Published by: University of Minnesota Press
136 pages, 152.00 x 203.00 mm
- ISBN: 9781517906566
- Published: February 2019
A startlingly powerful collaboration reimagines female beauty
What is beauty without pain? Compromise is what our culture offers women: cinching, pinching, cutting, shaving, scraping, starving, and, of course, lifting and separating, all in service of one sharply circumscribed model purported to be pleasing—but not to most, if any, women.
This extraordinary book reimagines beauty at its most provocative and fetishized locus: the female breast. Artist, writer, and scholar Joanna Frueh scrutinizes ideals of beauty and sensuality, often motivated by her experiences with breast cancer. Frances Murray, her friend and collaborator for more than thirty years, documents Frueh’s journey of unapologetic beauty in a series of intimate, dazzlingly original photographs before and after her bilateral mastectomy and chemotherapy.
Reflecting with insight, directness, and humor—and with contributions from a breast surgeon, an oncologist, and artists and scholars who have had breast cancer—Frueh arrives at a new, liberating view of beauty and of the sensual pleasure found in transformative self-acceptance. Central to this reckoning is her documentation and critique of the notion of hyperbeauty (the flash of flesh appeal, hyperthin, hyperfeminine, hyperbosomy, hypersexy, and hyperyoung sold at the global 24/7 beauty bazaar) and her playful, inventive presentation of tools for remaking minds and hearts disfigured by self-denying ideals.
In its bracing critique, passionate argument, and compelling narrative—all illustrative of its own unapologetic beauty—this collaboration is a performance of startling power, stirring to consider and a pleasure to behold.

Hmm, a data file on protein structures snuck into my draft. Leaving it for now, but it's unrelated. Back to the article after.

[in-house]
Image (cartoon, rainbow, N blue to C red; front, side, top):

An Art of Friendship
Culture’s Breasts I
Culture’s Breasts II
The Pleasure of Pleasing Ourselves
The 4 C’s of Creating Beauty
"Unapologetic Beauty is a downright necessary meditation on women’s wisdom and beauty in aging. Joanna Frueh and Frances Murray—in writing and image—call out the fact that our ‘hyperbeauty’ culture relies on stereotypical ‘taboos’ to make individuals unique or edgy, when we must rather recognize that ‘real flesh, real love: they are the taboos.’ And the world needs more of both."—Maria Elena Buszek, University of Colorado, Denver
"A wonderful, evocative depiction of a woman in all her glory."—Susan Love, author of Dr. Susan Love’s Breast Book
"Joanna Frueh develops her earlier strands: body image; representation of self; relationships between image, text, and body; body work; illness and healing. Starting with friendship and creativity, she draws these themes in her work together in a powerful invocation of moving toward self-love through self-acceptance. It will always be the right time to read this, no matter the body one inhabits."—Hilary Robinson, editor of Feminism Art Theory: An Anthology 1968-2014